Airman serves community through local search, rescue team

  • Published
  • By Airman 1st Class Colin Cates
  • 49th Wing Public Affairs
During the week, one Team Holloman staff sergeant spends his time controlling and tracking all of Holloman's automated data processing equipment. During his off-duty time, Staff Sgt. Nathaniel Juarez, 49th Communications Squadron base assets manager, serves the local community as a volunteer for the New Mexico Search and Rescue.

According to its official website, the NMSAR is an all-volunteer organization that represents the largest group of wilderness search and rescue teams in New Mexico.

"I have been part of New Mexico Search and Rescue for about six months now," said Juarez. "I am the point of contact for the local detachment, and I also drive the truck mascot. My truck is all decked out with lights, sirens, a public address system, and a police scanner."

In addition to driving a decked-out truck, Juarez also gets to take advantage of the training opportunities NWSAR provides.

"Some of the training we do includes rappelling, map and GPS reading, Self Aid and Buddy Care, and basic radio communication, so we can talk to the local border control and other departments," said Juarez. "Another benefit to being part of this group is that I get to work with the state police department. I want to get into the drug enforcement administration after the Air Force and I think this experience can really benefit me."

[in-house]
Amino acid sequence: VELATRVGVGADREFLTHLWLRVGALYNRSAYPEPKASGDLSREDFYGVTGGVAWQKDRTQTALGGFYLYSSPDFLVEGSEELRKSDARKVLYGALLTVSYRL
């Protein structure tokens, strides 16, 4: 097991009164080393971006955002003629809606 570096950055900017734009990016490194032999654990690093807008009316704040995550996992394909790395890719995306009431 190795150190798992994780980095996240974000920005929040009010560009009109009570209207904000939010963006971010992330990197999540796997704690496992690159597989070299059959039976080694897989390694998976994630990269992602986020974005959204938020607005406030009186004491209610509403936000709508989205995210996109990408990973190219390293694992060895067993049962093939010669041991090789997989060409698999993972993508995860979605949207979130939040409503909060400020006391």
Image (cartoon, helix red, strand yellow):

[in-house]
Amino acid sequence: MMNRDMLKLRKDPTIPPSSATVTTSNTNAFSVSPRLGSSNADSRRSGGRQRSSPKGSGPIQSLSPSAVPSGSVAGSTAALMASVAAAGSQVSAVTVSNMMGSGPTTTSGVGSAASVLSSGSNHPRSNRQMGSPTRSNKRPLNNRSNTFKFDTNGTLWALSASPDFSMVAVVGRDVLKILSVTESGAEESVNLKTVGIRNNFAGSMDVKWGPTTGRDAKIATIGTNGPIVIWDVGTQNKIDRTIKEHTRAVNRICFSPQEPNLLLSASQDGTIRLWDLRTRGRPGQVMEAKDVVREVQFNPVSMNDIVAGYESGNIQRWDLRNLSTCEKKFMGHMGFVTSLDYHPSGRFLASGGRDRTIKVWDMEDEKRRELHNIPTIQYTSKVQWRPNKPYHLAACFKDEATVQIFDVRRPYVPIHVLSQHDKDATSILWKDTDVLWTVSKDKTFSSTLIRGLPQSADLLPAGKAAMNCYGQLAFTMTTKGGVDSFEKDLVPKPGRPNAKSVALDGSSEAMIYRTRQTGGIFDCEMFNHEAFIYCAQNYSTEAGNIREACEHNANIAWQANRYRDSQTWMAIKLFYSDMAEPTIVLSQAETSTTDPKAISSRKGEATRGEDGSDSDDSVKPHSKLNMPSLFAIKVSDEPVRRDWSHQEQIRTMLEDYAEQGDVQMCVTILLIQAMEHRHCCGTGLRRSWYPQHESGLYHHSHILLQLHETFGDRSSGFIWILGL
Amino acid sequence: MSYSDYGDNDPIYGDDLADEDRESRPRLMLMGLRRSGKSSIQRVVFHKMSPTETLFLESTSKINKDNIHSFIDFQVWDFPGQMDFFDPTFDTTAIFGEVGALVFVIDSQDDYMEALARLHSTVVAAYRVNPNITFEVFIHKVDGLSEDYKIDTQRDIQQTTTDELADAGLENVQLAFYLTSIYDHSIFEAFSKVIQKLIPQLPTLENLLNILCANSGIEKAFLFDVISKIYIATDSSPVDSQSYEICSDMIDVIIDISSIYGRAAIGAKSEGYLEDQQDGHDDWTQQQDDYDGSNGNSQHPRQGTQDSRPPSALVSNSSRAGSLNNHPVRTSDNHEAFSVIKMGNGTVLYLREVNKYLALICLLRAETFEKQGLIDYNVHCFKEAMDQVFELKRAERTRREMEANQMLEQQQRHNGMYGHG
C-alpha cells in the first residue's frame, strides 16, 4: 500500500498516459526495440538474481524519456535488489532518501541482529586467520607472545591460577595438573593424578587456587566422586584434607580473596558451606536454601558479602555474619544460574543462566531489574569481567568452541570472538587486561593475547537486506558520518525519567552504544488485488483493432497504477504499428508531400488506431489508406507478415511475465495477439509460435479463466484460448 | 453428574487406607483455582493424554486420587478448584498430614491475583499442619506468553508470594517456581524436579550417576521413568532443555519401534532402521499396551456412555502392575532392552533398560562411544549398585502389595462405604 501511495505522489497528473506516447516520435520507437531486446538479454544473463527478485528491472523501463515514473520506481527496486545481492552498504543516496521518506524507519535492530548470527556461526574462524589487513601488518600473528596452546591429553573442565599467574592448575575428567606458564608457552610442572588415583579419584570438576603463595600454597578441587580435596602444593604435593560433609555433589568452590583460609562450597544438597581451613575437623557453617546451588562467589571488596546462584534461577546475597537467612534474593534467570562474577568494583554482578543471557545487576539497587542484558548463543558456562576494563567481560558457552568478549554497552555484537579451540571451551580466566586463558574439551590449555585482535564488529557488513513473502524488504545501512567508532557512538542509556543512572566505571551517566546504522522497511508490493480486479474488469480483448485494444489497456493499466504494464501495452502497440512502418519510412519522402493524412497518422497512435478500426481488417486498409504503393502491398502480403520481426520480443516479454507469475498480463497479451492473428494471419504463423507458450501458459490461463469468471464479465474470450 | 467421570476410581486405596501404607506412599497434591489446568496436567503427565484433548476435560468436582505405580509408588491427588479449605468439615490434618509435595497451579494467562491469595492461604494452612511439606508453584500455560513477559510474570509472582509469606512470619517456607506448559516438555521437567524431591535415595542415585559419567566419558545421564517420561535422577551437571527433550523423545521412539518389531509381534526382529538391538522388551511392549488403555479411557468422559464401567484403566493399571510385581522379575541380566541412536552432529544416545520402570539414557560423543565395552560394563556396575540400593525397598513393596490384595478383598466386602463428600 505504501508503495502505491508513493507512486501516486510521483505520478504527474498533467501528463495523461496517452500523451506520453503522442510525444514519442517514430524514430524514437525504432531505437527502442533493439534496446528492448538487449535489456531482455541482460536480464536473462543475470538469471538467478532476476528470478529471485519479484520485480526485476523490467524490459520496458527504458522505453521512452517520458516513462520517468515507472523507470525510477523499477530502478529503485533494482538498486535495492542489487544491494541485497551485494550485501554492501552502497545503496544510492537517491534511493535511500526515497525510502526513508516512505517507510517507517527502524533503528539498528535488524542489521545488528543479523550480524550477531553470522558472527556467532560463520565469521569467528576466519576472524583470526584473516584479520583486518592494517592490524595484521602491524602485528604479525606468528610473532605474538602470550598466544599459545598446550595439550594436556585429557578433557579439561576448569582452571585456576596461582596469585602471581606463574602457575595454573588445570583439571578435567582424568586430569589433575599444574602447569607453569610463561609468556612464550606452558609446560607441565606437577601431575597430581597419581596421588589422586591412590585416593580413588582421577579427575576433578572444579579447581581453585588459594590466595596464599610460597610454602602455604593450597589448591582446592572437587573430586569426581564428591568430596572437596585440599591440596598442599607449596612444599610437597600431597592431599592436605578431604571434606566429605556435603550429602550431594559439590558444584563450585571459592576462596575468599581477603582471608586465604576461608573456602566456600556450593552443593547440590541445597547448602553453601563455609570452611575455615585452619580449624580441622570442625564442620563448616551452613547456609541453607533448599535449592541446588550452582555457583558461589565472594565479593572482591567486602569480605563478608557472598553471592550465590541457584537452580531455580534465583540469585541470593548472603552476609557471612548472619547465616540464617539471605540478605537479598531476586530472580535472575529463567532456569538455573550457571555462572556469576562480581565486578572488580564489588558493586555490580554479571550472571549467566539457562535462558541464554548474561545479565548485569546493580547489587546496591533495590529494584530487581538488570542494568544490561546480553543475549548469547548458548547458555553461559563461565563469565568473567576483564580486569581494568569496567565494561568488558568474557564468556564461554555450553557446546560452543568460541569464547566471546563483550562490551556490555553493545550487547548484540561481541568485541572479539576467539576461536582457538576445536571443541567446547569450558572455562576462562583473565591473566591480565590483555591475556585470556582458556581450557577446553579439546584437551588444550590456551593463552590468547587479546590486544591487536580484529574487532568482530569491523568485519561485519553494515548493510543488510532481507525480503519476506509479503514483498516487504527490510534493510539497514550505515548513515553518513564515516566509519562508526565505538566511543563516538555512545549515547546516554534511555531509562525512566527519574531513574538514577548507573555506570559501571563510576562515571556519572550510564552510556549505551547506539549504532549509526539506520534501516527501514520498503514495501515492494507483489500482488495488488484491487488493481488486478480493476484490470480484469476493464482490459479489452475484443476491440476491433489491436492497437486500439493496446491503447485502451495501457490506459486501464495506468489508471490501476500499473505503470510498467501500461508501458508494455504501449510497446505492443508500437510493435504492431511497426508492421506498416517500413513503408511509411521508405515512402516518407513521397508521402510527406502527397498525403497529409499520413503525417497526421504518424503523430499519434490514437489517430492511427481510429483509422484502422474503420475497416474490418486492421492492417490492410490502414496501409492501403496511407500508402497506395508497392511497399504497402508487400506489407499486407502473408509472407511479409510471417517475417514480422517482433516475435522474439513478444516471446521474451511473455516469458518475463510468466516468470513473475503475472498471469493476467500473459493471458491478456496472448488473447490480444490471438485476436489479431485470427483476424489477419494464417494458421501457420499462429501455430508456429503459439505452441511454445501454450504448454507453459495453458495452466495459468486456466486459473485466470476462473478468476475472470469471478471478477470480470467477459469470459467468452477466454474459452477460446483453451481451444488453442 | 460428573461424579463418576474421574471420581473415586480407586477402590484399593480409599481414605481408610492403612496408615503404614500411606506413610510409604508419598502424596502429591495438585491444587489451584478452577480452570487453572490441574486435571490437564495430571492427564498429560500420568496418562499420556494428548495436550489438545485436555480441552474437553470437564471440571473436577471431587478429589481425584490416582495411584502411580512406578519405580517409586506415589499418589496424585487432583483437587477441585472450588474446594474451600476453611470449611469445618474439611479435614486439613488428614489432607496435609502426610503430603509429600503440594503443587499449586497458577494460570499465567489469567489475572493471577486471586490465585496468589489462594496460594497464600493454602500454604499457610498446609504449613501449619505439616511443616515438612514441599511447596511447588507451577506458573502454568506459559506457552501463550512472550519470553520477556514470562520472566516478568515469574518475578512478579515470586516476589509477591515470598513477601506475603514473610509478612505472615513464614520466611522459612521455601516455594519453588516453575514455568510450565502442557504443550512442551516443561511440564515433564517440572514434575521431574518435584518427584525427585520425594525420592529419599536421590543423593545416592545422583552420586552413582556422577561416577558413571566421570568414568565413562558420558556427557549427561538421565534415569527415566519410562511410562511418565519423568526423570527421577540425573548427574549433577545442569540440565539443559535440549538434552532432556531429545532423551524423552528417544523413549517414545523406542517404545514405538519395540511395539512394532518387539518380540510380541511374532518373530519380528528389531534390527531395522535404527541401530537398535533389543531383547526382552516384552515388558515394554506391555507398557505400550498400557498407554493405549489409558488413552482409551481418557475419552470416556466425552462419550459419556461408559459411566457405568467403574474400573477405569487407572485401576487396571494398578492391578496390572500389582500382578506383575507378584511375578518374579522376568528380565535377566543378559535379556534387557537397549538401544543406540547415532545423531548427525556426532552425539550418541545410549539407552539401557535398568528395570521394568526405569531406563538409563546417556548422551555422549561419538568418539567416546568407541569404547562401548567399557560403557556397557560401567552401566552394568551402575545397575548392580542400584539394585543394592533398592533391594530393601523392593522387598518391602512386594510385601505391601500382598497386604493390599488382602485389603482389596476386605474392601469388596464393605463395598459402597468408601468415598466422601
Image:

Perhaps the best part of his job though, Juarez said, is when his training is put to use in the field.

"We recently had a mission to go to Von, New Mexico, to search for a 61-year old man who had gotten lost in the desert," said Juarez. "All of the local detachments were called in and we were able to find him within eight hours. It felt really good to be a part of something like that."

With summer coming up, the local NMSAR team can expect an increase in cases like the one mentioned above.

"A lot of people seem to get lost hiking the local area around White Sands and Dog Canyon, but we'll be there to help them," said Juarez. "We're really undermanned at the detachment here, but we have meetings for people who are interested in joining. At the meetings they can sign up to be called for missions."

For interested members of Team Holloman, joining the local NMSAR team is about more than accumulating volunteer hours.

"I have been at Holloman for five years, so this is not the only volunteer thing I'm currently doing, but I enjoy this the most," said Juarez. "This is a great way to give back, and it shows that we play an active role in this community."